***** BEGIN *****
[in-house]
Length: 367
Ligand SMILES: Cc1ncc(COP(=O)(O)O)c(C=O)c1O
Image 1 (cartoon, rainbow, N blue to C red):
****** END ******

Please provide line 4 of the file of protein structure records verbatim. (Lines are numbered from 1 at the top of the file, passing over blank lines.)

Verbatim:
Image 1 (cartoon, rainbow, N blue to C red):